‘Please explain what OG means’: delight as Fiji politician discovers Twitter

A leading opposition MP from Fiji is delighting new social media followers with his wide-eyed discovery of Twitter, even as the country is experiencing heightened political tensions.

Pio Tikoduadua, who is the president of the National Federation Party, announced on Monday that while his Twitter account had been created a while ago, it had been run by his staff until now.

“This is my first week of actively using it," 彼が書きました. “I have discovered what a ‘retweet’ and a ‘quote tweet’ is. I hope to engage with you more! God Bless Fiji.」

それ以来, Tikoduadua has been documenting his parliamentary engagements, as well as his faltering attempts to use the platform, bringing joy to followers, despite the political ructions that have come to the fore in Fiji this week.

Tikoduadua and eight other opposition figures were arrested over the weekend and questioned by police for statements made about a contentious land bill that is set to be debated by parliament on Friday.

There are fears that tensions over the bill could lead to political protests and civil disobedience, leading to an increased police presence in major towns and cities across Fiji.

In a video shared on Twitter late on Wednesday, Tikoduadua said he was going back to continue his interview with police. “I don’t know how long I’ll be,” he said and invited people to “at me” with questions about the investigation which he would look at when he got back.

Tikoduadua’s tweets, which include questions to followers about how notifications work on Twitter, as well as courteous replies to criticism, have offered respite from the political tension, as well as considerable amusement.

火曜日に, ahead of the Rugby 7’s Olympics quarter-final which saw Fiji trounce Australia 19-0, he tweeted: “Bula friends, I hope that your evening is going well as we all wait for Fiji’s game. Today I learn that ‘FFS’ does not mean “‘Fiji First Supporters’. God Bless Fiji.”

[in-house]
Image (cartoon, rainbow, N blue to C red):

Fiji First is the name of the country’s ruling party.

In another tweet, Tikoduadua responded to a follower whose Twitter handle is KitKat who wrote that “You may be new here sir, but tweeting like a real OG!!!!!」

“Bula KitKat,” came the MP’s formal reply in a quote tweet. “Please explain what ‘OG’ means. I’m assuming it means ‘Old Girl’?」

When another user – whose handle is “Mama Dragon” – explained it meant “Original Gangster” and was a compliment, 彼は返事をした: “Bula Mama, thank you for that important clarification. These terms are confusing!」

Confusion was a common theme in the politician’s tweets over the last three days, with Tikoduadua writing: “I’m trying hard to respond to everyone. The notification structure here is a bit hard to understand. This has caused me much confusion.”

Upon learning that the acronym “TL” meant “timeline” and not “Tailevu” – a province in Fiji – he wrote “this has caused me much anxiety”.

“Hello Friends,” he tweeted late on Monday. “Sorry if I’m keeping you up. I’ve just been asked to incorporate hashtags on my posts. I only know ‘#FijiNews’ because I saw the NFP youth account use it. Are there any more I can use? Do I have to ask for permission? God Bless Fiji.”

Tikoduadua’s honesty about his unfamiliarity with the platform and the authenticity of his posts have endeared him to followers, who have offered praise and encouragement, as well as advice.

His courteous, serious engagement with their responses to him are striking, given Twitter’s reputation for being a hothouse of anonymous abuse and snarky comments.

After posting a picture of the prime minister and attorney general, a follower tweeted him to ask whether it was necessary for him to include the picture given the country’s current political divisions, fuelled by the land bill and the government’s handling of a Covid outbreak that is currently devastating the Pacific nation.

“Bula,” Tikoduadua replied. “I’ll keep that in mind when I look for photos next time. Thank you for your kind suggestions, I appreciate it.” And he signed off, as he has in every tweet: “God Bless Fiji.”

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